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Tourist near the cathedral in the historic quarter of Valencia

Why Valencia is so much more than a beach destination


When you come to la terreta, as Valencia is affectionately called by the locals, you’ll be amazed at how many things to do and places to visit there are in the capital of the Valencia Region. This corner of the Mediterranean has much more to offer than the sea: design, culture, delicious food, and interesting local traditions will be the keys to making your trip unforgettable. 

Why not start off in Ciutat Vella, the historic quarter, and explore the city’s long history which goes back 20 centuries. You can even see a purported Holy Grail in the Gothic cathedral. Various documents and studies claim that this is indeed the chalice used by Jesus at the Last Supper. Without doubt the cathedral is an architectural monument well worth a closer look, both outside and in. Outside, you’ll see the bell tower, known as El Miguelete, because the biggest bell was baptised on the day of St Michael. Inside, take a good look all around you, but be sure to look up to admire the frescoes. These are considered some of the most important from the early Spanish Renaissance, and until just a few years ago they had been hidden from view. And if you're left wanting more, visit the church of San Nicolás de Bari, nicknamed the Valencian Sistine Chapel. 

Above: view of Valencia cathedral / Below: early Spanish Renaissance frescoes in Valencia cathedral ©goga18128

Another must-see is the silk exchange or Lonja de la Seda, a UNESCO World Heritage site built in the 15th century, the Golden Age of trade in Valencia. From here, head for the church of Los Santos Juanes, or perhaps to the Mercat Central market where you can try a few tapas or take a stroll around its 8000 m² of Art Nouveau architecture. As you wander through the streets of the city centre, you'll come to El Carmen district. Now a hipster neighbourhood, it was once one of the biggest medieval quarters in Europe. Here you'll find the Torres de Serranos, towers originally built for defence but also used as a triumphal arch, and the towers of Quart, the former medieval gates that formed part of the city walls. So what more is there to see in this district? A variety of artistic and cultural spaces such as the Valencia Institute of Modern Art (IVAM) and the Valencia Museum of the Enlightenment and Modernity (MuVIM).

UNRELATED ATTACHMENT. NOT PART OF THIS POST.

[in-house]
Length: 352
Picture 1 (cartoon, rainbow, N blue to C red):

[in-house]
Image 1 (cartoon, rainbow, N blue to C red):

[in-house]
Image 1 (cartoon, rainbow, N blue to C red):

Above: interior of the Mercat Central ©Madrugada Verde / Below: Lonja de la Seda ©Kemal-Taner

Looking for somewhere to do a spot of shopping and try lots of delicious food? Look no further than the Rufaza and Ensanche districts where you’ll find the trendiest places, and wander the streets, shops and cafes while you soak up the local art, culture and cuisine. All these things led to Valencia being chosen as World Design Capital for 2022.But there's one thing that absolutely must be a part of your trip to Valencia, and that's a really good paella. There are places serving paella all over the city, but tucking into this mouth-watering rice dish right by the sea is a very special experience. Lastly, before you head for home be sure to stop off at the City of Arts and Sciences. On the banks of the river Turia, it includes 9 square km of gardens, ideal for sports or walks, and it's also a reference point in terms of architecture, science, and technology.Could you possibly need more reasons for coming to enjoy Valencia apart from the beaches? 

Above: typical building in the Ruzafa neighbourhood ©Joaquin Corbalan / Below: City of Arts and Sciences
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